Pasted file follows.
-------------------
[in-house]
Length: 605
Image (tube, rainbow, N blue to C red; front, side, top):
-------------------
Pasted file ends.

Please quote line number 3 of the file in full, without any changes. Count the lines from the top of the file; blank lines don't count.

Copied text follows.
Image (tube, rainbow, N blue to C red; front, side, top):